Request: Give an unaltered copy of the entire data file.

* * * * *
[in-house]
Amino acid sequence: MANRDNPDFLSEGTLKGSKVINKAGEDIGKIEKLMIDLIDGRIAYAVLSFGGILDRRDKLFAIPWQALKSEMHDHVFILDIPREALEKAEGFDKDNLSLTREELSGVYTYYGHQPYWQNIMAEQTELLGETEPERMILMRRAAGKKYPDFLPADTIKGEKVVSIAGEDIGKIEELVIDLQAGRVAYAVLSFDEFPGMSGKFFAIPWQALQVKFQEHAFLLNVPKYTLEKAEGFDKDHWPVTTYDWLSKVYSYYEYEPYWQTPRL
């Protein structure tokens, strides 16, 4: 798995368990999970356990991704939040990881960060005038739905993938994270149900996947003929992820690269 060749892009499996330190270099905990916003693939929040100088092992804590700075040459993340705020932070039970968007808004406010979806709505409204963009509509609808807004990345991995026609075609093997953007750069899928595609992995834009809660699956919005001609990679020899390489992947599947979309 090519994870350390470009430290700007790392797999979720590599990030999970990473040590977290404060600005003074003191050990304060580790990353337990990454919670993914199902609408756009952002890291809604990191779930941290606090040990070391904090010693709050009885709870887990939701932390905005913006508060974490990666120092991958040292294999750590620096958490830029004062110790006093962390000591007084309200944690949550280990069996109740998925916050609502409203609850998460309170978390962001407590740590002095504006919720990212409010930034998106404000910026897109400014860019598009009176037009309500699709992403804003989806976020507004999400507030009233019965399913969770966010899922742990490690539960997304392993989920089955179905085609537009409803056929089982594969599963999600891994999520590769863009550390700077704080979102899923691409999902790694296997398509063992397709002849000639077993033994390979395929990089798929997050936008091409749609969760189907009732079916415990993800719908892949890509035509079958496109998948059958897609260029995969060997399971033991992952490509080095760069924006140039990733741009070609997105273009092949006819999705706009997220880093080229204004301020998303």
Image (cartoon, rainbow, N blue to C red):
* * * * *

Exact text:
[in-house]
Amino acid sequence: MANRDNPDFLSEGTLKGSKVINKAGEDIGKIEKLMIDLIDGRIAYAVLSFGGILDRRDKLFAIPWQALKSEMHDHVFILDIPREALEKAEGFDKDNLSLTREELSGVYTYYGHQPYWQNIMAEQTELLGETEPERMILMRRAAGKKYPDFLPADTIKGEKVVSIAGEDIGKIEELVIDLQAGRVAYAVLSFDEFPGMSGKFFAIPWQALQVKFQEHAFLLNVPKYTLEKAEGFDKDHWPVTTYDWLSKVYSYYEYEPYWQTPRL
């Protein structure tokens, strides 16, 4: 798995368990999970356990991704939040990881960060005038739905993938994270149900996947003929992820690269 060749892009499996330190270099905990916003693939929040100088092992804590700075040459993340705020932070039970968007808004406010979806709505409204963009509509609808807004990345991995026609075609093997953007750069899928595609992995834009809660699956919005001609990679020899390489992947599947979309 090519994870350390470009430290700007790392797999979720590599990030999970990473040590977290404060600005003074003191050990304060580790990353337990990454919670993914199902609408756009952002890291809604990191779930941290606090040990070391904090010693709050009885709870887990939701932390905005913006508060974490990666120092991958040292294999750590620096958490830029004062110790006093962390000591007084309200944690949550280990069996109740998925916050609502409203609850998460309170978390962001407590740590002095504006919720990212409010930034998106404000910026897109400014860019598009009176037009309500699709992403804003989806976020507004999400507030009233019965399913969770966010899922742990490690539960997304392993989920089955179905085609537009409803056929089982594969599963999600891994999520590769863009550390700077704080979102899923691409999902790694296997398509063992397709002849000639077993033994390979395929990089798929997050936008091409749609969760189907009732079916415990993800719908892949890509035509079958496109998948059958897609260029995969060997399971033991992952490509080095760069924006140039990733741009070609997105273009092949006819999705706009997220880093080229204004301020998303």
Image (cartoon, rainbow, N blue to C red):